HISTORIC TERRITORY: Alex Wilson of the Tri-State Defender was beaten by a mob while covering the Central desegregation crisis. Homes in the neighborhood re to be added to the historic district's boundaries under new legislation so the apppearance will remain as they looked then.
was introduced this week to expand the boundaries of the National Historic District around Central High School
to include seven houses along Park Street that face the high school.
This subject has been discussed for 20 years,
since first a Central High Museum
and then the Historic Site were created to commemorate the desegregation crisis. The idea met some resistance from some property owners in the beginning because it provides for protection of the appearance of the exteriors of the houses as they looked in 1957.
The tradeoff of inclusion in the district is that government money might
be available — as it was made available for the high school itself — for preservation
of the facades of the houses so they will appear as they did when momentous events occurred outside with TV cameras rolling. This is good and the federal money can be spent only if the property is part of the district.
The bill, apart from expanding boundaries
, does nothing immediately. It purchases no houses. It provides no money for improvements, as Sen. Tom Cotton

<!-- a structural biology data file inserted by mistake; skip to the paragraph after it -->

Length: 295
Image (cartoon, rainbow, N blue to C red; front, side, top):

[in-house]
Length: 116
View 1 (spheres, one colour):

himself noted in a speech in the Senate wrapping himself in the reflected glory of the Little Rock Nine. It does open the door.
Which brings me to the larger point as Senator Cotton and U.S. Rep. French Hill
speak glowingly of the addition of a block of homes to the historic district's boundaries.
The National Park Service
doesn't fall high on the list of priorities of the Republican Congress
. Some of them want to sell off pieces of this national treasure. The Park Service has an estimated $12 billion maintenance backlog. Proposed cuts in the Trump budget for the Interior Department and the Environmental Protection Agency
hold grave peril for the National Park Service — and, on down the line, including such small matters as grants to preserve facades of homes on Park Street in Little Rock, Arkansas.
So when Tom Cotton and French Hill issue flowery press releases about preserving history remember this: The rubber meets the road on spending bills for the National Park Service. Note their votes and words then.